Miniature llamas Lark and Llucky entertained a crowd of excited children on July 12 at the Huntington Branch Library program, Learning About Llamas.
AJ Collier from Rowanwood Farm in Newtown brought in her two well-tempered llamas to educate the kids. Collier’s friend, Leslie Alexander, also tagged along to help provide expertise.
“I wanted to have a different animal program from the norm and I know Leslie because she is from Oxford and I was originally a children’s librarian there,” said Marissa Ciullo, the family services librarian at the Huntington Branch.
Ciullo saw the llama program at Oxford and thought it would be popular at Shelton with the children.
The group of young kids giggled at the llamas as the light brown Lark and spotted Llucky with her protruding bottom teeth hummed and bobbed their heads around.
“My favorite part about the llamas is petting them, they were cool,” said Meghan Conway, a second grader from Shelton.
These llamas were fine with all of the attention.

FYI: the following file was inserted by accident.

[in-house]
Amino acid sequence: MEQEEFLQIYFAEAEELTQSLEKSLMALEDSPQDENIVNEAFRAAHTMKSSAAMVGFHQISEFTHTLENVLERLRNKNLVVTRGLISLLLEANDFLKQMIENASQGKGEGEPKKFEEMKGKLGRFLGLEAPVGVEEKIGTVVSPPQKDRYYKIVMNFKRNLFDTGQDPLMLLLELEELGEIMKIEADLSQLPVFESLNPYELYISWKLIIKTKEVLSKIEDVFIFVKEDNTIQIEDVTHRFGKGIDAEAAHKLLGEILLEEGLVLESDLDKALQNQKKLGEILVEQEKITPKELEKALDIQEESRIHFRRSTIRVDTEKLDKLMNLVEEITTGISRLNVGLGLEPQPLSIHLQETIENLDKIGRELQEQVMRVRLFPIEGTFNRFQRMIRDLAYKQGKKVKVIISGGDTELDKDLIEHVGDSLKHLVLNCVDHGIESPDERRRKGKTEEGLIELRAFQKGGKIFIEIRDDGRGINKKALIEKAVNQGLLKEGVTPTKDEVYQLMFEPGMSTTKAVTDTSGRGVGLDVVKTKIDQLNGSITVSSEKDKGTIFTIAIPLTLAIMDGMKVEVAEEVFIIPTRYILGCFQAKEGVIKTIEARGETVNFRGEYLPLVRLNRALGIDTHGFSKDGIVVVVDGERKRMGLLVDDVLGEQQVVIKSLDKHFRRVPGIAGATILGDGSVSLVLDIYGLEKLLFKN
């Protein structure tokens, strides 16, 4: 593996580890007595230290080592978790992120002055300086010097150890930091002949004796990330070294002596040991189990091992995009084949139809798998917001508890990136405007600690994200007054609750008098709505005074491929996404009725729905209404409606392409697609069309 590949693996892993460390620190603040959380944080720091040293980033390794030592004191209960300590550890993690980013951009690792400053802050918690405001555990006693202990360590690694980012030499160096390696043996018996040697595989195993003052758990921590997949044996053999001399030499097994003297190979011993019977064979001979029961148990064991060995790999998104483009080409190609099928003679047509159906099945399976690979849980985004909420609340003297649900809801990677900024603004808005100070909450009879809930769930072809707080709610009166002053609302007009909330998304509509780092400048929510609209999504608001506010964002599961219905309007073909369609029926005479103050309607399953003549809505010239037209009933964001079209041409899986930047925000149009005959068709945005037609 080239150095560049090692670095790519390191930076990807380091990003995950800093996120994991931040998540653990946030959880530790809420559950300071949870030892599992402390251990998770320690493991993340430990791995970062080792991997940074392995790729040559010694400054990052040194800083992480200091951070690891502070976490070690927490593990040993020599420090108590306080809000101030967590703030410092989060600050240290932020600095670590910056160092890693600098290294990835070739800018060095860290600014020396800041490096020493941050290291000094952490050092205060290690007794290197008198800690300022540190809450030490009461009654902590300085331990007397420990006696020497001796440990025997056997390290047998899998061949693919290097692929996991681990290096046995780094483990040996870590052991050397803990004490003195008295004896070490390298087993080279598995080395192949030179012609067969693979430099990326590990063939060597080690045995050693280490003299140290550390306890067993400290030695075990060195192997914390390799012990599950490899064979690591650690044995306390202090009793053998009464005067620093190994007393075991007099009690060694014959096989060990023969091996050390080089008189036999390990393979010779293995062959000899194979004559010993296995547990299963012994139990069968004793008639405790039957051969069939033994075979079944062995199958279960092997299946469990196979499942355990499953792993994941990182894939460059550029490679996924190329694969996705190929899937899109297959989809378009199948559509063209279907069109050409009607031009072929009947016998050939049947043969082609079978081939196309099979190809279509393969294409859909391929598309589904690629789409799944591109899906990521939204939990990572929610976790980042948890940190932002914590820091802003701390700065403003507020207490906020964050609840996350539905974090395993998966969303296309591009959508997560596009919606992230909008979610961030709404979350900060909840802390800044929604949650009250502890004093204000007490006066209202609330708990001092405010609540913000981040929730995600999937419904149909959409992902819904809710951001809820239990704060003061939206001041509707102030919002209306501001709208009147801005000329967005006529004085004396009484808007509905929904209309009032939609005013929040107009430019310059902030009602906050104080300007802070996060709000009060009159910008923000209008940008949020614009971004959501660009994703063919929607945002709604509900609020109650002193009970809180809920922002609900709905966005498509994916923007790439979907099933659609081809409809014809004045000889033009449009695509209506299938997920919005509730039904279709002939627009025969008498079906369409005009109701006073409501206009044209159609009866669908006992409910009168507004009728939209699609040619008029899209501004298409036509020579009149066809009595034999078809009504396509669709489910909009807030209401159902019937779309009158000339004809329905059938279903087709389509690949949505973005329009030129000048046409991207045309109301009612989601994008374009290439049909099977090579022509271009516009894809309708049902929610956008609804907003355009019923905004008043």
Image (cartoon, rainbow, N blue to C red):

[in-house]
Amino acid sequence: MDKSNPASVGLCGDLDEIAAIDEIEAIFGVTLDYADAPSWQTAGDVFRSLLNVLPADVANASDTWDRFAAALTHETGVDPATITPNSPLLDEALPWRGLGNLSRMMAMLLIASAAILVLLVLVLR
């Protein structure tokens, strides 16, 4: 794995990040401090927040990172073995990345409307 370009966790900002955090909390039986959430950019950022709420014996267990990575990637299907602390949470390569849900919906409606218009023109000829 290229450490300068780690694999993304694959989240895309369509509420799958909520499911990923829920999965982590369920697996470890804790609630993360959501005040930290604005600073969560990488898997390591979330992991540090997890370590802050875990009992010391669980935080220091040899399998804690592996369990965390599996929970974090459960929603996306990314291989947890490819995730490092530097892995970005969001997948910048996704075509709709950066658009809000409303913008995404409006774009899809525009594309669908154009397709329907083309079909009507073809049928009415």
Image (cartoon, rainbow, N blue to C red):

“These animals are handled all the time; they are very socialized, and the ones that are friendly like this I use for programs,” said Collier. “The ones that aren’t as friendly are saved as breeders and then others that are maybe more protective I’ll sell as guards.”
Collier said she has always dreamed of working with llamas since she was a child and now brings in the good-natured animals for events and runs the only licensed llama hikes in Connecticut.
Toward the end of the event, Alexander led the children along with stories and songs about llamas as Lark and Llucky watched over.
“My favorite part was Lark singing. I like her humming and also allowing all the kids to have the chance to pet llamas who might have never had the chance to meet a llama before,” said Ciullo. “It’s fun to give them new experiences here at the library.”